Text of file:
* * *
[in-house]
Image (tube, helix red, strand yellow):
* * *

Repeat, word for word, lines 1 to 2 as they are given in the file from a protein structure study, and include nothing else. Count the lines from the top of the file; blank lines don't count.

[in-house]
Image (tube, helix red, strand yellow):